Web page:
To be sure, there are many good marabouts in Senegal who do not exploit their charges and faithfully impart their knowledge of the Quran. That being said, Human Rights Watch estimates that over 100,000 talibé must beg for food and money every day in Senegal. Beyond that, it is thought that many talibé who remain in the daara are subject to extreme abuse, malnutrition and lack of medical care. The problem has reached epidemic proportions, with President Mack Sall vowing to “remove children from the streets.” However, the extreme power and influence of many marabouts have hampered government efforts.


*** ARCHIVES ***

Senegal’s Street Children Among Those Most at Risk for COVID-19

VOA News, 9 April 2020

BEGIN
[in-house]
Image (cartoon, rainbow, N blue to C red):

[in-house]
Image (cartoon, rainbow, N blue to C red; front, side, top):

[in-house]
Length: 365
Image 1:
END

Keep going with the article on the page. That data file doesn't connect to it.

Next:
[accessed 8 February 2023]

Niokhobaye Diouf, director of a child protection committee with Senegal’s Ministry of Family, said Senegalese authorities have a coronavirus emergency plan for street children. Dakar has made 13 educational social centers available, said Diouf, as well as other community centers. They are talking about a capacity of 1,500 beds, he said.

Keeping the talibes off the street to avoid coronavirus is key, said Amara Thiam, a nurse with For a Childhood in Senegal.   Thiam said infection in one talibe would be a disaster because the child's daara, maybe all daaras, would be subject to infection. When the children go out on the street, he said, they interact a lot with each other.

For a Childhood in Senegal also ran a center that offered classrooms, playrooms, showers, a bakery and a vegetable garden, making it a haven for talibes. But now the center, like much of Dakar, is closed to prevent spreading the virus.

The Department of Labor’s 2004 Findings on the Worst Forms of Child Labor

U.S. Dept of Labor Bureau of International Labor Affairs, 2005

[accessed 21 December 2010]